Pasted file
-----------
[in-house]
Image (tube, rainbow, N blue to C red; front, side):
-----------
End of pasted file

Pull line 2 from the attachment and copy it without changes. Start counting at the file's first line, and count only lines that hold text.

Image (tube, rainbow, N blue to C red; front, side):